The Mariners culled their roster of two players that showed early promise in 2019 and became expendable by the end of the season.

On Monday, the deadline to tender major-league contracts for club-controlled players on the 40-man roster, the Mariners declined to offer contracts to infielder Tim Beckham and outfielder Domingo Santana, both of whom were arbitration eligible.

The decision to “non-tender” Beckham was a given, because he’s serving an 80-game suspension for testing positive for performance-enhancing drugs last season. Realistically, Beckham was a non-tender candidate before the positive test. He was going to make close to $3 million per arbitration projections, which is far too much for a player that is a defensive liability at most positions and a replacement-level hitter.

Seattle signed Beckham to be the shortstop until J.P. Crawford was ready to take over the role. Over the first 30 games, Beckham posted a .282/.352/.537 slash line with the nine doubles, six homers and 19 RBI. But he was abysmal defensively. When Crawford took over the job in early May, Beckham moved to a utility role, playing first base, second base, third base and some outfield. He had a .237/.293/.461 slash line with 21 doubles, a triple, 15 homers and 47 RBI over his final 88 games before being suspended.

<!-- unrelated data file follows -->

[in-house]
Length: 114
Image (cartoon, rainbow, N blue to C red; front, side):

The decision to non-tender Santana came after the Mariners couldn’t find a trade partner. They had shopped Santana at the trade deadline and after the season ended. But they didn’t find much interest in an outfielder that is a liability on defense and showed major regression at the plate by the end of the season.

Santana was one of Seattle’s best hitters early in the season. Over the first three months, he had a .278/.348/499 slash line with 18 doubles, a triple, 18 homers and 62 RBIs. In his final 37 games, Santana posted a .181/.275/.276 slash line with a two doubles, three homers, seven RBI and 54 strikeouts. He also battled elbow issues that kept him on the injured list for a month.

With Santana projected to make more than $4 million in arbitration and a slew of young outfielders in need of playing time, he became expendable.